Colorado Springs, CO (PRWEB) September 21, 2012
Like their live counterparts, ghosts are reluctant to change. So much so that they remain largely invisible, often replaying their life-ending tragedies.
People can become glued to the “rear view mirror”, too; looking backward so much that they never see what’s ahead of them. Like ghosts, sometimes couples don’t know there’s a way out of that bind.
Over 16 years of private practice, Kathe Skinner, Certified Relationship Specialist and Marriage & Family therapist, has seen people whose difficulties today result from what happened in the past along with the choice to remain stuck in it. “We can’t do something about what keeps us unhappy unless we recognize and acknowledge that we are indeed unhappy. And you’d be surprised at how many people have no clue there’s a problem and that they’re part of it,” she finishes.
Skinner goes on to say that it isn’t until something attention-getting happens – a spousal affair, an acting-out child, divorce, inability to keep friendships – that a hard look is taken. Skinner thinks that the hard look needs to begin with taking a look in and around yourself.
Noted psychologist and marriage researcher John Gottman’s oft-repeated assertion that it takes 6 years for a couple in trouble to seek help points toward the concept of developing self-awareness before other-awareness can occur. Six years or sixty years can pass before some people are unhappy being unhappy; haunting may develop around people who choose to remain unhappy to the end. What better place than a haunted hotel to talk about that.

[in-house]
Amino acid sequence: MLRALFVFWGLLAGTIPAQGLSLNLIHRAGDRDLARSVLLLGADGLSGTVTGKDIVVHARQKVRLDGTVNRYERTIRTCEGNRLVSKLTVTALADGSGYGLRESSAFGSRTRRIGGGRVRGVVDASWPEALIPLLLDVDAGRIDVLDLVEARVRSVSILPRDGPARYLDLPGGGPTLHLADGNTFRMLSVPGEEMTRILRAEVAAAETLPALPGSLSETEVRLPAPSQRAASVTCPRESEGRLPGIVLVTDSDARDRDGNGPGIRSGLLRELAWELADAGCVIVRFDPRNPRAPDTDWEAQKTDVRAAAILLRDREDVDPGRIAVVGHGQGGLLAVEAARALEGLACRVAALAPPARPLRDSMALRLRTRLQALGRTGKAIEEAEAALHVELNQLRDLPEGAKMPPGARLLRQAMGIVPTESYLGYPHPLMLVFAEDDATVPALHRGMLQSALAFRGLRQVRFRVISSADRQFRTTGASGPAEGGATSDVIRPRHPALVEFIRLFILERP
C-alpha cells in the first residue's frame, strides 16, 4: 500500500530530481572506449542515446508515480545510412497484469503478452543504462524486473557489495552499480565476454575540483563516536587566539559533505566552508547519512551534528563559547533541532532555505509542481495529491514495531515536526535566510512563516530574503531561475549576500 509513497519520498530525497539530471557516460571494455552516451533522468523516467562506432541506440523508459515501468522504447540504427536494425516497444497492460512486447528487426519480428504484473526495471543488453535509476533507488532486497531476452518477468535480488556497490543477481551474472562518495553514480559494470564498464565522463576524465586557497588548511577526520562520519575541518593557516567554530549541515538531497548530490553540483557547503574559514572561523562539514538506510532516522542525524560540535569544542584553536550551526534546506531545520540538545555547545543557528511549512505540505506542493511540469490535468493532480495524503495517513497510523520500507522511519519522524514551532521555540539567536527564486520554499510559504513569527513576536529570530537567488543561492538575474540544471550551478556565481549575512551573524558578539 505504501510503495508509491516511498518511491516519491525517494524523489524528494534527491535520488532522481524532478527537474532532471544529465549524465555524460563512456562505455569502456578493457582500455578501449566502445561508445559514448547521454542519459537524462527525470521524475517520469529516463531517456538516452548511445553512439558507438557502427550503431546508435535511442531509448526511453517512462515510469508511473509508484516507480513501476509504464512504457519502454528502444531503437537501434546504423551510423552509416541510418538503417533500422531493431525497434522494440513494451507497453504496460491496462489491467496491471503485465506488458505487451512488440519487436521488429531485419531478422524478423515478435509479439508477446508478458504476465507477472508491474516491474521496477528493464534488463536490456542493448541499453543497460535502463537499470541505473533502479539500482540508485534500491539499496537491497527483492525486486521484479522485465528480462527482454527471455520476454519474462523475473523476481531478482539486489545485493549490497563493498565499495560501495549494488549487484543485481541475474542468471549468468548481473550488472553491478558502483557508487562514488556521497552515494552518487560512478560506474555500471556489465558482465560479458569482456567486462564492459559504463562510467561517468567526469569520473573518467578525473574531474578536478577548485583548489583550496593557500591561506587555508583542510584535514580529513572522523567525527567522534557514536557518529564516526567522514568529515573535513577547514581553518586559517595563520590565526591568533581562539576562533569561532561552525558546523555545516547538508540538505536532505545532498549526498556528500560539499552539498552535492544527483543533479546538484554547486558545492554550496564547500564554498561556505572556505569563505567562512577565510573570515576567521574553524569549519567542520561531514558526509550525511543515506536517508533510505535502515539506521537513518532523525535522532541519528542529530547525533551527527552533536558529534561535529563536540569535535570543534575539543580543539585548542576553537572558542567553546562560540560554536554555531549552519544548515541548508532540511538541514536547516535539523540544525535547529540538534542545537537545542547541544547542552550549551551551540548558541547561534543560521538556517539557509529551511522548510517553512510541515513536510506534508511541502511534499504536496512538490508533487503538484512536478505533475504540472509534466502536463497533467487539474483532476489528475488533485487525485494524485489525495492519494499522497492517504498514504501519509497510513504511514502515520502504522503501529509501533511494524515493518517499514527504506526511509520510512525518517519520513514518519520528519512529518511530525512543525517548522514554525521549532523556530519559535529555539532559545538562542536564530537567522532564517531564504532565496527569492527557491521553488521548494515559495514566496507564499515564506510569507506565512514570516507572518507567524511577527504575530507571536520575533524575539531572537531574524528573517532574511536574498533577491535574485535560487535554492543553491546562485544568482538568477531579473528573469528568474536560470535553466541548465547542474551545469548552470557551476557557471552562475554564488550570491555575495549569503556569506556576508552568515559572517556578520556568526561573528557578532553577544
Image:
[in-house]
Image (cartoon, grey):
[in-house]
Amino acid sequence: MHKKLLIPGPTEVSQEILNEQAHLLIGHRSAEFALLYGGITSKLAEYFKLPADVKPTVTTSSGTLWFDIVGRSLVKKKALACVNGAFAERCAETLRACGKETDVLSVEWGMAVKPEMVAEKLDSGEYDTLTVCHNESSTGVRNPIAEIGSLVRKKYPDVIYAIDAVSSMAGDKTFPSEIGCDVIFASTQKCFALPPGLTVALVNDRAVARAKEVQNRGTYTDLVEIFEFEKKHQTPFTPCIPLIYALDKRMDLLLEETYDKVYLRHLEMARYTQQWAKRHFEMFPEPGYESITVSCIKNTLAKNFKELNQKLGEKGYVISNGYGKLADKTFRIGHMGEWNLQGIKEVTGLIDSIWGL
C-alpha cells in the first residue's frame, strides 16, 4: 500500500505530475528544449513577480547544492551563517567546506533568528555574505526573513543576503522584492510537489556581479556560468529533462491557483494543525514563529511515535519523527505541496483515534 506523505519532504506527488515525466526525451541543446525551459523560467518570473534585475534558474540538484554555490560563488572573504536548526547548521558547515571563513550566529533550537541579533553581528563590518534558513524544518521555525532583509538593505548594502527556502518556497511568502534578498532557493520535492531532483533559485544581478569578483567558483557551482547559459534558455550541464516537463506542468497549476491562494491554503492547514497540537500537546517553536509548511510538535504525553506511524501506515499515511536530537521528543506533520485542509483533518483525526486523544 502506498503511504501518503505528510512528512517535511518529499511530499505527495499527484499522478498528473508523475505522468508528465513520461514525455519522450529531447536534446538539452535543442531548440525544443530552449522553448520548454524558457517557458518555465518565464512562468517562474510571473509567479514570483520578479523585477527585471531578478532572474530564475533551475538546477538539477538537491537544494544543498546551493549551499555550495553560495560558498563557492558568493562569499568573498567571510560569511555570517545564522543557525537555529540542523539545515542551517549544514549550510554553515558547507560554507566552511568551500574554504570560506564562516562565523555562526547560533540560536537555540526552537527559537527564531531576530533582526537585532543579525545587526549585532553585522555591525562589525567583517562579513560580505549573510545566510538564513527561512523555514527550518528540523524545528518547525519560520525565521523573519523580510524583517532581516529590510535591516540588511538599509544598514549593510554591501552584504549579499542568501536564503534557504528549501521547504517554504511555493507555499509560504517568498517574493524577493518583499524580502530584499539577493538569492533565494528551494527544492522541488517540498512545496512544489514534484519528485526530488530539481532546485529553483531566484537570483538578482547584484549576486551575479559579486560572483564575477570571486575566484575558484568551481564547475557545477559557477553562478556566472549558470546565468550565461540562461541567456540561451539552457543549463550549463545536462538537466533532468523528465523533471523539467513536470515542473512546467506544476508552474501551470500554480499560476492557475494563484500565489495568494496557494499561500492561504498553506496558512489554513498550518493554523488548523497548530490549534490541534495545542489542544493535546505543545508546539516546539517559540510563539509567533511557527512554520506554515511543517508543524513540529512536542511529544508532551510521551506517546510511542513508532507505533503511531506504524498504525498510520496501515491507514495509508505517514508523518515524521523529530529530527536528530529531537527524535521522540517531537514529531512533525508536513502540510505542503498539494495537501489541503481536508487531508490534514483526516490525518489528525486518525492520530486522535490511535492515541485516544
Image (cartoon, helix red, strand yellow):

“I’m not advocating being trapped in place like a ghost,” Skinner explains, “but I do think that ghosts, in this case ghosts of our past, have a lot to tell us.” There’s no arguing that spirits have had a long time to think about what to say.
Noted psychologists Jeffrey Young and Janet Klosko may have had some ghostly input into their development of “schema theory”, which holds that maladaptive adult behavior results from the confluence of nature and nurture in early life. For example, a child growing up in a family that believes that “children should be seen and not heard” and discourages self-expression, may not grow up to like Speech class, or be a storyteller around the campfire. Most specters would most likely agree that some experiences on the mortal plane are deadly to the spirit.
Kathe Skinner hopes that some ghosts will be listening in on Being Heard’s Couples Retreat as couples hunt for the ghosts of their past. Could be that The Stanley’s ghosts would have more reason to hang around, and that the hotel would drop off the list of haunted hotels. Somehow, life after death, like life during life, won’t be that easy.